A suicide bomber drove a car packed with explosives into a busy bus station in Potiskum, Yobe State on Sunday, killing four people and wounding 35, police said.
There was no immediate claim of responsibility for the attack, which bore the hallmarks of Islamist militant group Boko Haram and added to the country’s litany of security woes less than a month before a closely fought presidential vote.
“The information I have is that the car was pretending to be scouting for passengers,” Yobe state police commissioner Danladi Marcus told Reuters by telephone.
“Five people including the bomber were killed in the attack with about 35 others receiving treatment for various injuries at Potiskum General Hospital.”
Violence is surging ahead of polls pitting President Goodluck Jonathan against former military ruler Muhammadu Buhari in the closest contest since the end of military rule in 1999.
A suicide bomber blew himself up at a market in the northeast Nigerian city of Gombe on Friday, killing at least six people and wounding 10.
Boko Haram has killed thousands, kidnapped hundreds of mostly children and destabilised the northeast of Africa’s top oil producer in its five-and-a-half year campaign for an Islamic state.
Violence has also spread into Nigeria’s neighbours around the Lake Chad basin.
Meanwhile, a contingent of soldiers from Chad has arrived in northern Cameroon where it will deploy to the Nigerian border as part of efforts to contain the Boko Haram insurgency, a spokesman for Cameroon’s defence ministry said on Sunday.
Boko Haram, which aims to carve out an Islamist state in northern Nigeria, has stepped up attacks in the region as Africa’s biggest economy prepares for a February 14 presidential election.
The group has expanded its operational zone into northern Cameroon over the past year, prompting Yaounde to deploy thousands of additional forces, including elite troops, to its border with Nigeria.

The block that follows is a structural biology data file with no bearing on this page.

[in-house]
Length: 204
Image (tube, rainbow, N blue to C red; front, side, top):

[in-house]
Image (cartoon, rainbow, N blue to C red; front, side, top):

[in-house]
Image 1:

A convoy of troops from Chad arrived in Maroua, the main town in Cameroon’s Far-North Region, late on Saturday, Colonel Didier Badjeck said while declining to say how many soldiers had been dispatched by N’Djamena.
“In the coming days, they will be deployed to the war zone on the border with Nigeria so that they can join our defence forces to crush and prevent incursions of Boko Haram into Cameroonian territory,” he said.
Cameroon’s President Paul Biya, who recently appealed for international assistance against Boko Haram, announced earlier this week that he was expecting the arrival of a large Chadian force to support his country’s efforts against the militants.
Chad has a reputation as one of the region’s best militaries and helped French forces drive al Qaeda-linked Islamists from northern Mali in 2013.
Despite the growing cross-border nature of the threat posed by Boko Haram, efforts to deploy a joint force from Nigeria, Chad, Niger and Cameroon to take on the Islamist fighters have faltered.
Ghana’s President John Mahama, who currently heads West African bloc ECOWAS, told Reuters on Friday that regional leaders will seek approval from the African Union next week to create a new force to fight Boko Haram